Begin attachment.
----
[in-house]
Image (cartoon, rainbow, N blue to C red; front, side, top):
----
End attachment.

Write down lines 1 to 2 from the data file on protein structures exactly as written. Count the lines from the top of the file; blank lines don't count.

[in-house]
Image (cartoon, rainbow, N blue to C red; front, side, top):